Obama: Plan 'inseparable' from recovery

WASHINGTON - President Barack Obama said Tuesday night his attempts to lead the nation out of economic turmoil are beginning to yield results, and toned down his criticism of bonuses to executives at bailed-out AIG.

At the second prime-time news conference of his presidency, Obama also cast his budget - now under review in Congress - as essential if the economy is to recover. The tax and spending plan 'is inseparable from this recovery because it is what lays the foundation for a secure and lasting prosperity,' he said.

Briefly reviewing the steps his administration has taken to date, he said teachers and others have jobs today because of the economic stimulus measure that Congress passed, and the nation is 'beginning to see signs of increased sales and stabilized housing prices for the first time in a long time.'

At the same time, he said full-fledged recovery is months away, and he added, 'It will take patience.'

The news conference came at a pivotal, early moment in Obama's young presidency, with Democrats in Congress readying budget proposals that will largely determine how much of his first-term agenda will be passed, Treasury Secretary Timothy Geithner churning out near-daily proposals to solve the nation's economic crisis and the administration struggling with public and congressional outrage over bonuses paid to executives of bailed-out AIG. Additionally, Obama departs next week for his first European trip as commander in chief, with the global economy a major focus.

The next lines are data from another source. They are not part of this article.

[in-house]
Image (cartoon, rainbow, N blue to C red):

Speaking in the East Room of the White House, Obama put in a plug for the request Geithner made to Congress earlier in the day for extraordinary authority to take over failing companies like American International Group Inc., much as the Federal Deposit Insurance Corp. now does for banks.

'It is precisely because of the lack of this authority' that AIG's problems threatened to bring down the entire U.S. economy, he said. Top Democrats in Congress reacted positively to the proposal, although it is not clear when legislation might be considered.

Obama has been vocal in his unhappiness over the $165 million in retention bonuses paid to executives at AIG, although his favorable reference to business men and women seeking profits was a new twist.

'Bankers and executives on Wall Street need to realize that enriching themselves on the taxpayers' dime is inexcusable, that the days of outsized rewards and reckless speculation that puts us all at risk have to be over,' he said.

'At the same time, the rest of us can't afford to demonize every investor or entrepreneur who seeks to make a profit. That drive is what has always fueled our prosperity, and it is what will ultimately get these banks lending and our economy moving once more,' he said.

The president opened the news conference with a lengthy prepared statement read from a teleprompter.

He said his administration was taking steps to make sure banks have money to lend 'even if the economy gets worse.'